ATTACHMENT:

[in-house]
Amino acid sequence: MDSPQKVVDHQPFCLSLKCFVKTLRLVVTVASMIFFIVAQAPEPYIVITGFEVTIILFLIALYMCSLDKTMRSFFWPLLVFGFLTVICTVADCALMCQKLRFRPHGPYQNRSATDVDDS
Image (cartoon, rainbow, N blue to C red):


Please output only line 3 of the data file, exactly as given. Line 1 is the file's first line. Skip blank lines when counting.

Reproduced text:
Image (cartoon, rainbow, N blue to C red):